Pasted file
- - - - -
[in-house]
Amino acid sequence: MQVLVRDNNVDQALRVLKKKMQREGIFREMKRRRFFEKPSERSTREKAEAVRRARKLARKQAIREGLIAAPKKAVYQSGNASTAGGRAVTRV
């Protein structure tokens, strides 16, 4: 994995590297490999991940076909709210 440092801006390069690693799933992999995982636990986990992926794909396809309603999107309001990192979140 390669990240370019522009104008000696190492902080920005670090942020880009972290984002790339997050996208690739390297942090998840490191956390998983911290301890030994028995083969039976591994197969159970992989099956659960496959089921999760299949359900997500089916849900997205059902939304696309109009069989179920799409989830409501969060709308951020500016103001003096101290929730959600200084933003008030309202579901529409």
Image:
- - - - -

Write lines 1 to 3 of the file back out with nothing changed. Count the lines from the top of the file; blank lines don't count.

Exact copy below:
[in-house]
Amino acid sequence: MQVLVRDNNVDQALRVLKKKMQREGIFREMKRRRFFEKPSERSTREKAEAVRRARKLARKQAIREGLIAAPKKAVYQSGNASTAGGRAVTRV
């Protein structure tokens, strides 16, 4: 994995590297490999991940076909709210 440092801006390069690693799933992999995982636990986990992926794909396809309603999107309001990192979140 390669990240370019522009104008000696190492902080920005670090942020880009972290984002790339997050996208690739390297942090998840490191956390998983911290301890030994028995083969039976591994197969159970992989099956659960496959089921999760299949359900997500089916849900997205059902939304696309109009069989179920799409989830409501969060709308951020500016103001003096101290929730959600200084933003008030309202579901529409």